These building blocks are relatively straightforward and should feature as standard practice for most organisations. But if you have a major capital budget for a project, and the management of the costs and income associated with it when it is complete, you will need to give particular care to the creation of financial management arrangements. You will also need to consider how you will sustain any existing operation while managing a major capital project, and deal with any loss of income or impact due to building works.
Understanding the business model
The business model of any organisation or project is about how it generates the majority of income from its activities. For some asset development projects this may be straightforward -for example letting or hiring space to others. For others this may be more blurred. For example, providing a space where people with learning disabilities can make things to sell can bring in an additional income stream, although the majority of the income comes from contracts providing opportunities for people with learning difficulties to be usefully employed and learning new skills.
Understanding the business model is a particularly important part of business planning, for measuring the financial performance of activities and successfully securing finance for the capital to fund an asset development project.
Knowing the numbers
To be successful at securing finance it is essential that senior staff and members of a governing body of an organisation know and understand the headline figures for the capital and revenue requirements of a project and any of the assumptions associated with them. So you will need to know the overall operating costs and income associated with the project, as well as understand the assumptions on which they are based (rental/hire levels, inflation etc) and what level of income is required to meet all costs.
A key component of managing financial risk is to know exactly what the financial position of your organisation is in order that action can be taken to remedy any problems. This essentially means that you will need regular information showing the actual financial position (what has been invoiced/charged and what costs have been paid) against the planned performance (budget). It is important for this information to be up-to-date and timely so that action can be taken before it is too late - this is particularly the case where an organisation has no reserves. Deciding what represents "timely" means looking at the commitments of your organisation (particularly in relation to spending) and deciding how much time would be needed to allow you to implement action. For example reducing staff levels may take longer to implement than finding other cost reductions.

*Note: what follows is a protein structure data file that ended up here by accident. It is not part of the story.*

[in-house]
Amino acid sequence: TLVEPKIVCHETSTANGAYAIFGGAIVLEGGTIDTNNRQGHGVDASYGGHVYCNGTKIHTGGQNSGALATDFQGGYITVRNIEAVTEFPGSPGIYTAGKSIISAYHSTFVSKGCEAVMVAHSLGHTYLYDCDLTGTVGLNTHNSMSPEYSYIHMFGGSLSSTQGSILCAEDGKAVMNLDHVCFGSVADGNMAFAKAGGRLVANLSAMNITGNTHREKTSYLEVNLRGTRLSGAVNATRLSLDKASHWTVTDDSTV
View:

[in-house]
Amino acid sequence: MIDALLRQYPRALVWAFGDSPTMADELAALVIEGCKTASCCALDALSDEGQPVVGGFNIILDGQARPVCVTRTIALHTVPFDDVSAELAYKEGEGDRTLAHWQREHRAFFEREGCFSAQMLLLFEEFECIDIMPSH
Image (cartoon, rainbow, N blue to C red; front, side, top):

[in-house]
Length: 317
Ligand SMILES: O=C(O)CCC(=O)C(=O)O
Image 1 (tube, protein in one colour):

Full cost recovery
As the funding environment for voluntary and community organisation has changed towards project specific rather than organisational funding, there is a tendency for organisations to omit key areas of cost that are not directly related to project delivery from funding bids, contract tenders and commissioning bids.
This can erode levels of cash reserves/surpluses and squeeze areas of work (eg central administration, Human Resources, networking or strategic planning) that are important to long term sustainability of the organisation because they affect things like the quality of service or treatment of employees.
In the financial management and planning of organisations therefore it is important to apply full cost recovery to prevent this. Full cost recovery means:
"recovering or funding the full costs of a project or service. In addition to the costs directly associated with the project, such as staff and equipment, projects will also draw on the rest of the organisation. For example, adequate finance, human resources, management, and IT systems, are also integral components of any project or service ...The full cost of any project therefore includes an element of each type of overhead cost, which should be allocated on a comprehensive, robust, and defensible basis" (ACEVO 2009).